Comment by BruceT
2017-04-24 13:47:20

The brasses likely melted when the place was burned during Bacon’s Rebellion. The church you’re seeing is a 1907 reconstruction of the 1639 brick church that was built around the 1617 wooden church that Yeardley was buried in. Only the floor survives from the 1617 church as the 1639 church was built around it. The tower dates from sometime in the 17th century. The post- Bacon church itself was a ruin by the 1750’s, pilfered by the locals for building supplies. Only the the tower stood in 1901 when reconstruction began.

The Puritans weren’t much of factor in Virginia, it was a place to set out the Puritan revolution in the home country.

As for the marble tomb, the Yeardley’s wanted it built, but we don’t know it was. Jamestown is built on what used to be a low island in a tidal swamp. If a marble tomb was built it’s either sunk deep in the ground, or was hauled off by material scavengers to be part of some planters palazzo on higher ground.

Knights were about as common as dirt in Jamestown and the Tidewater from it’s founding until the the mid-17th century. I’m descended from one that arrived in 1617. It seems as if every fifth Englishman was a “Sir” in Jamestown in the early period.

They tended to be a plague of do-less wonders, second and third sons, who by and large wouldn’t do manual labor and caused problems with the Natives.

 
Comment by Scott Glen Young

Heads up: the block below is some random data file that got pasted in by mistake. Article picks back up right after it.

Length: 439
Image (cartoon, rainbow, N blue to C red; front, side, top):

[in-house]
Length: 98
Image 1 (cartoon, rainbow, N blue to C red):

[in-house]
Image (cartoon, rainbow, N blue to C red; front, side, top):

2017-04-25 00:08:03

Any ideas about the curling form over the right shoulder of the knight? Is it a “dialogue” or quote scroll?

 
Comment by Paige Turner
2017-04-25 01:34:37

@scott – Indeed, it is most likely one of those ‘speech bubbles’ or ‘speech scrolls’ that one occasionally sees on English prints of the time. :hattip:

The brass could have ended up in the ‘medieval’ chain mail, but even by then it was probably completely out of fashion already, I’d say :giggle:

Were the complete foundations of all the different churches recorded, i.e. were there relevant differences of some kind, e.g. in shape and size ?

 
Comment by BruceT
2017-04-25 15:07:47

Not necessarily on the chain mail, Paige. The Spanish were in nearby Florida, with mission settlements in Georgia and S.C., the French in Canada, and the Dutch getting set up in downstate NY.

Chain mail works well for what it’s designed for, slashing attacks from the edged metal weapons of the time. Plenty of Europeans to fight with if you ran across them. The colonists at Jamestown constantly lived in fear of Spanish raids in the early period.

Two, both the failed Roanoke, and successful Jamestown colonies were set partly as a counter to Spanish power. They’re just north of the Capes on the N.C. coast the Spanish Treasure fleets used as landmarks to make the turn east for the run home from Havana. As the wind in eastern N. America blows from the W.N.W. most of the time, both sites were perfect for sending out privateers.

What do you need when you board a ship full of men w/ cutlasses? Chain mail or a plate doublet. Privateering was one of the cornerstones of early English colonial policy in N. America.

 
Comment by Bruce Erickson
2017-04-25 20:17:07

Another great rabbit hole you open for me to explore. Thanks for a great evening of learning about Jamestown.

 
Comment by Old Salt
2017-04-26 09:02:29

I agree with Bruce – thanks for the post, and the videos, esp the video about digital mapping, and the one explaining the jacks of plate.